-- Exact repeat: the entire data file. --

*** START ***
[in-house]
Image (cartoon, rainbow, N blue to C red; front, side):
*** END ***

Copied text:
[in-house]
Image (cartoon, rainbow, N blue to C red; front, side):